Perhaps surprisingly, Russia is one of the most exciting places in the world to enjoy extreme sports, even though you might not hear about them as often as you do in the States. Here we take a look at some of our favorites.
Extreme Urban Climbing
The popularity of urban climbing has increased greatly in the past few years. This is partly the fault of Max Polazov, an extreme sports junkie who has made breaking into some of Moscow’s highest buildings and then hanging off the edge of them while recording the entire feat on camera or by taking photographs, the newest craze in Russian extreme sports. Now 22 years old, Max has been breaking into buildings since the age of 17.
Obviously, many people think Max (an assumed name) is off his rocker, but he insists that he takes his sport seriously and prepares well ahead before hanging from ridiculously high roofs or ledges. On February 17th, 2012, Max told the UK’s Daily Mail that: ‘Many think that I am a madman or they do not realize how much experience I have. While I’m hanging from a building I perfectly concentrate my body and I plan carefully ahead. Fear isn’t present when I do this, I must have complete mindfulness.’
People who take part in urban climbing are known as ‘roofers’ and are constantly at loggerheads with the law, as a lot of the time they have to break into the buildings in order to climb them.
Cave diving is risky business. Only around 50 of Russia’s estimated 50,000 registered divers venture into the icy depths of Russia’s caves. That’s a mere 0.1 percent! The first Russian cave diving expedition took place in 1994, when a landslide exposed the mouth of a cave near Orda village in the Ural Mountains. Igor Lavrov, a well-known scientist, and Victor Komarov, an experienced cave diver, took it upon themselves to explore the caves. Today, explorations into the Ordinskaya Cave, (so named because of it being in close vicinity to Orda village) have made Russia a favorite diving spot. The water may be bone-numbingly cold, but the witnessing the un-spoilt beauty of the longest underwater cave in Russia is completely worth it.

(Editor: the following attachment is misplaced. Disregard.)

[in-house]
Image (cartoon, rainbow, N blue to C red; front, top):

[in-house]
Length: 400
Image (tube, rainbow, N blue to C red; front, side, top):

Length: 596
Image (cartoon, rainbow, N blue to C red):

This sport is pretty similar to bungee jumping but, according to many, is a lot more dangerous. Firstly, instead of jumping off into an open, natural space, you jump off a building, bridge or some such urban height. Also, you aren’t tethered to an elastic cord. Oh no. All that’s keeping you from plunging to your death is a mountain climbing rope. Yeesh. And people have died doing this sport. In fact, the founder of the sport, an American named Dan Osman, died while jumping off a rock formation in Yosemite National Park in 1998. Years later, rope jumping is now a favorite sport among the youth in post-Soviet Russia.
If you’re taking a trip to old Russia and want to get involved in some of the latest and most popular extreme sports, take these options into account. You’ll find there’s no shortage of willing participants to go along with you for the ride.